Obstructive Sleep Apnoea is the most common form of sleep apnoea, affecting four in 100 middle-aged men in the UK and around two in 100 middle-aged women. But what exactly is the condition and why does it happen?

Put simply, obstructive sleep apnoea is where the walls of the throat relax and narrow throughout the sleep cycle, causing breathing to be restricted. This interrupts sleep, greatly affecting the quality of rest, leading to further health difficulties. If Obstructive Sleep Apnoea is not managed, those with the condition may develop high blood pressure and increased risk of heart problems or strokes, or develop type 2 diabetes.

Types of Obstructive Sleep Apnoea

Health professionals categorise obstructive sleep apnoea into two distinct categories:

– Apnoea, which is where the soft tissue and muscles within the throat relax, causing a complete blockage of the airway for 10 seconds or more.
– Hypopnoea, which is a partial blockage to the airway that cuts airflow in half for a duration of 10 seconds or more.

It is not unheard of for those who suffer from obstructive sleep apnoea to experience episodes of both apnoea and hypopnoea, even having multiple episodes of both types in the same night, occurring every few minutes in the most severe cases. Due to this, the condition is also referred to as obstructive sleep apnoea-hypopnoea syndrome.


The symptoms of obstructive sleep apnoea are relatively vague and it can be hard to figure out if you are suffering from the condition. However, you may have the condition if: you find yourself making gasping, snorting or choking noises while you sleep, your breathing stops and starts while you sleep, you sweat in your sleep, or that you always feel tired and unrested.

If these symptoms sound familiar, you should make an appointment to get tested as soon as possible. This is also a good idea even if you do not remember waking up, as your brain may subconsciously deal with the problem.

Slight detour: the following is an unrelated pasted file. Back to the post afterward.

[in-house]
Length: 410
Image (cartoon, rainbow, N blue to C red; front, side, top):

Throughout the sleep cycle, the throat muscles and soft tissue naturally relax, but this becomes a problem when other external factors cause them to relax even more, obstructing the airways. There a number of different factors that cause obstructive sleep apnoea, including:

– Weight, being overweight increases the amount of tissue within the throat, also placing more strain on the muscles within.
– Age, anyone over 40 possesses a much higher risk of developing obstructive sleep apnoea. Women going through the menopause who may experience hormonal changes may also develop obstructive sleep apnoea.
– Gender, although scientists have not been able to identify why males typically develop obstructive sleep apnoea.
– Medicine, those who take any medicines with any sedative effects may suffer from obstructive sleep apnoea due to the relaxation effect of their medicines.
– An unusual neck structure, including a small lower jaw, large tonsils, a narrow airway, or large adenoids.


There are several different ways to deal with obstructive sleep apnoea, and it is an entirely treatable condition. The easiest way to control the condition is to undergo several lifestyle changes to reduce the stress put on the muscles and soft tissue within the throat. This could be reducing drinking, losing weight, or stopping smoking.

One of the most common ways to treat the condition is through the use of a continuous positive airway pressure machine. This piece of equipment prevents your airway from closing while you sleep by supplying a constant supply of air through a mask. The machine will help improve the quality of sleep, leaving you feeling much more rested. However, some people may find themselves feeling uncomfortable or awkward using the machine and it may take some time to adjust to.

Another form of treatment is the use of a mandibular advancement device which is a gum shield-like wrap around your teeth, holding the tongue and jaw forward, reducing the pressure on the throat muscles and soft tissue.

If you think you may be suffering from this condition, contact us today one of our sleep specialists will be able to help you get tested and advise on possible treatments.